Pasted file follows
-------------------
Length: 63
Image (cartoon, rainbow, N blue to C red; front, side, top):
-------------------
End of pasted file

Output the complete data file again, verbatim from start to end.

Length: 63
Image (cartoon, rainbow, N blue to C red; front, side, top):